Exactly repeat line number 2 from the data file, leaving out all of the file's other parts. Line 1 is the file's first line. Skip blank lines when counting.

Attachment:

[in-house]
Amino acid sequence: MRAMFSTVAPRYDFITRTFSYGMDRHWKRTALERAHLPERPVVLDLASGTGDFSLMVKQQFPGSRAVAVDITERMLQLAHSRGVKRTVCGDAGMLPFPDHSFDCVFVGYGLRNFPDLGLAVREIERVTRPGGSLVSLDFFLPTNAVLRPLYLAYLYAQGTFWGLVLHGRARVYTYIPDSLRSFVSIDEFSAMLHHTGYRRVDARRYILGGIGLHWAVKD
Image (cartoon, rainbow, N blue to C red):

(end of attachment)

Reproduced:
Amino acid sequence: MRAMFSTVAPRYDFITRTFSYGMDRHWKRTALERAHLPERPVVLDLASGTGDFSLMVKQQFPGSRAVAVDITERMLQLAHSRGVKRTVCGDAGMLPFPDHSFDCVFVGYGLRNFPDLGLAVREIERVTRPGGSLVSLDFFLPTNAVLRPLYLAYLYAQGTFWGLVLHGRARVYTYIPDSLRSFVSIDEFSAMLHHTGYRRVDARRYILGGIGLHWAVKD